BEEEE Yourself

Robin Williams’ voice as the Genie as he tells Aladdin to bee himself echoes in my mind as I think about teaching styles.

Image result for bee yourself

Or, if you prefer, you can engage William Shakespeare’s Hamlet. Act – I, Scene – III is when Polonius gives advice to his son Laertes. “Neither a borrower or a lender be.” Yes, I looked this up on a learning machine, or computer if you prefer. (And you can watch the cast of Gilligan’s Island sing the phrase below.) What the heck am I talking about with these opening references? Teaching is not a monochromatic exercise. It is not devoid of a full range of colors, tones, and movements. To sit in a desk and stare at a cut out of a person while hearing a monotone humming is a great way to induce sleep or meditation but not teaching and learning. Sarah Deel discussed how she searched for a style and read to learn new teaching techniques but realized it was her style that needed projection. Her systems and manners allowed students to relate and become interested in the class. Dr. Fowler does not tell us how to teach but offers guidelines that allow each of us to find OUR way of presenting material. She does not suggest clown suites, but that could be fun, nor does she say be too relaxed. She offers a balance to maintain the teaching position and allow for personality to become exhibited. This is how to keep a class engaged in the material without losing yourself.

Seymour Papert gives a parable of time traveling doctors and teachers and how they would perceive the world today. This story is meant to illuminate the lack of progress in education. Why hasn’t pedagogical practices advanced in the last 100 years? It is not fault of that progressive thinker John Dewey. If new techniques and materials are appearing, why don’t educators use them? That is what we must constantly ask ourselves, as well as how giraffes sleep.

6 thoughts on “BEEEE Yourself

  1. I really like how you bring in contemporary examples. But I also think that while alternatives exist, it is difficult to apply them in many classes. This is because of naivety in teaching. These alternatives exist but we usually teach how we were taught. Call it human nature, but getting out of this process is deadly difficult.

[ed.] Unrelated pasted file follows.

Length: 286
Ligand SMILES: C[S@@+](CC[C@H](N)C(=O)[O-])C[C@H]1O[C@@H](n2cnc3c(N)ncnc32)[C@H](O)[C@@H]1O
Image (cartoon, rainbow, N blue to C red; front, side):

2. You bring so many great points! I definitely think that we should feel comfortable to “bee ourselves” and that by it self can make us better instructors. Our energy can focus more on the students when we don’t have to worry about ourselves and being genuine. I think this can tricky when it comes to for example political science courses since it is an area that people can be on opposite sides and that by itself makes one side less comfortable if a professor shows to which side they associate with. So I think yes we can be ourselves but it can get tricky how much of ourselves we can be depending on the subjects we teach.


  3. You’re right, education shouldn’t be monochromatic. I think that’s why it’s important that not every teacher teaches in EXACTLY the same way. There is no one perfect way, and we all benefit from being exposed to a variety of teaching styles and voices. Forcing ourselves to teach in someone else’s style comes across as fake and disingenuous, so it’s not worth doing anyway.


  4. Yes! If these theories and exercises exist, why are they not being tried? Or, maybe it would be more correct to ask “Where are they being tried?” I really do feel the need to hear/see some ideas in action. I want to hear from people who have implemented them. (Did you look up how giraffe’s sleep? Spoiler alert: It’s not what they thought.)


  5. I just had to go back and watch the clip on YouTube! Fun stuff. I agree that something as artistic as teaching cannot be monochromatic (and why things haven’t changed is a whole another topic that I can go on and on about but that’s not the point here). I have learned over the years of teaching that if you try to put up an act, the students see right through it. On the other hand, it is tough to beeee yourself because the world is a very judgy place…also people often talk about establishment of authority, discipline, etc etc…how does one balance that?!


  6. I love the Aladdin reference! I can totally still hear that when you mention it (even though I have not seen the movie in over a decade). You are right — we can’t really be TAUGHT to TEACH. Sure, we can learn about methods that tend to work and how to effectively communicate … but, as we all know, being a teacher should be so much more than standing in front of a bunch of people talking incessantly about some specific topic. That is not how we interact with people on a daily basis and should not be how we interact with our students. They need to be engaged. The classroom should not be one-sided. It is so annoying when you are talking to someone and cannot get a word in — I think the same applies to the classroom. Students’ voices should be heard too!


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